Australia has a very small population compared with other countries. If we are to remain competitive, we must use our entire population to look for talent.
David Gonski, Chairman Coca-Cola Amatil, Investec (Australia), Ingeus
I recently saw the short French film by Eleonare Pourriat, Oppressed Majority. It’s a tragicomedy and the premise is simple: a day in the life of a man who is experiences the same that a woman would. In an inverse flip on reality, women rule.
Our protagonist absorbs the subtle sexism he receives from condescending females, and the sexual jibes. He rides a bike to see his friend, who has been forced to shave himself, wear a head covering and is not permitted to leave the home.
He encounters sexist comments on the ride home and is yelled at for talking back. Seeing a group of females peeing in a lane, he stops to berate them, becomes surrounded, and is molested. At the police station, the female officer clearly does not want to believe his story because there were no witnesses, and questions the appropriateness of his clothing — shorts and casual shoes.
When his wife picks him up from the police station, having left a business meeting early, she soon twists the conversation around to how well her presentation went at work, and what the positive implications might be for her career.
If this film was a realistic portrayal, a gendered mirror of the scenarios depicted, it would be hard to see the point. These power roles are not only overt, in fact it is easier to deal with overt sexism than sexism in all of its subtleties, but deeply coded into our collective subconscious.
It’s such a problem that major companies, including Qantas, Westpac and the Commonwealth Bank of Australia, are conducting training of senior management in the war against it. Why? Because diverse workplaces are much more profitable.
Alan Joyce (Qantas CEO) says that diversity “allows you to tap into an unbelievable talent pool. If you don’t, you’re fishing in a very small pond.”
In the recent book by Tara Moss, The Fictional Woman, Moss describes a riddle you may have heard. A young man and his father are driving through the countryside when they have a terrible car accident. The father is killed, the young man is critically injured and flown to hospital. About to undergo theatre, the surgeon looks at him and says, ‘I can’t operate on this patient. This is my son.’
Moss asked a random number of people to solve the riddle, including a female medical student, and very few were able to provide the correct answer that the surgeon was his mother.
So deep is the codification of gender roles in our society that even current Minister for Education has said women would not be disadvantaged by the deregulation of the education system because they generally studied teaching and nursing where fees would be lower, and not law or dentistry, where fees would be higher. Even though the comments were factually incorrect, no doubt they will be dismissed by the Minister for Women, Tony Abbott, as a ‘gaffe’, rather than not the sackable offense that they should be.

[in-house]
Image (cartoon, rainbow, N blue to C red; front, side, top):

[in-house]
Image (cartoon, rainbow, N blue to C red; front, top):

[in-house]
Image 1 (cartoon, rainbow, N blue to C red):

A ground-breaking double-blind study by Yale researchers in 2012, unfortunately was able to prove that subconscious sexism exists in the workplace, and to a statistically significant level. Published in the Proceedings of the Academy of National Sciences, 127 lab scientists were given job applications for a lab manager position. The candidates had equal qualifications and experience, but one had a male name attached to it and the other a female name.
The ‘male’ applicant was deemed to be more competent, more hireable, and the scientists more willing to mentor them. The starting salaries offered were also different. No sexist reasoning was given by the recruiting scientists to justify the disparity, rather, they spoke of seemingly sound reasons like competence. These scientists were not all male, but female as well.
The problem is not just pay differences and employment opportunities, it extends into workplaces and all sorts of work-related social conversations.
A comment on Scienceblog describes what seems to be a common experience. When asked where she works, ‘Caro’ would say the name of the hospital, only then to be invariably asked, ‘Are you a nurse?’ Her female colleagues, also doctors, had experienced the same. Her male colleagues, however, would generally be asked if they were a doctor.
Perhaps there is something women in the workplace for which women can be grateful. I can certainly attest to this myself.
According to ‘Andrea’, you can speak up at meetings and have your idea ‘recreate’ itself anew in someone else’s mouth a few minutes later. It’s pretty amazing to discover you have the power of ventriloquism.